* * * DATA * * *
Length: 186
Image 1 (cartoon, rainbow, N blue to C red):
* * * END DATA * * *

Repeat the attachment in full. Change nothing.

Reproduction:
Length: 186
Image 1 (cartoon, rainbow, N blue to C red):